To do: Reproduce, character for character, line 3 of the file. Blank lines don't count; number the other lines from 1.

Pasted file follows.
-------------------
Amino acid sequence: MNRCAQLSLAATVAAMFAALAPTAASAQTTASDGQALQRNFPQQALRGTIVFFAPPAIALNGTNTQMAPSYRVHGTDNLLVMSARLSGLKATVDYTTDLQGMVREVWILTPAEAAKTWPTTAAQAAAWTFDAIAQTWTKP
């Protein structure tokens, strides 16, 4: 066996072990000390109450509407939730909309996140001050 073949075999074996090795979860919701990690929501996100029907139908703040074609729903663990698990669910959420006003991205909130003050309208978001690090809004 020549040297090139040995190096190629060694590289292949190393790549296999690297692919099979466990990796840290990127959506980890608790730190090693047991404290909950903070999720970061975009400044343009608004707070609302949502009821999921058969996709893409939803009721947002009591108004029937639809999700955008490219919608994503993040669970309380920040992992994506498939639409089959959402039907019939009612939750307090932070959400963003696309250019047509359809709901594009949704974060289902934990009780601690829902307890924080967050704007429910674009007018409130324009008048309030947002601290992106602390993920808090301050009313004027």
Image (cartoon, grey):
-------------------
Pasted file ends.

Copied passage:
Image (cartoon, grey):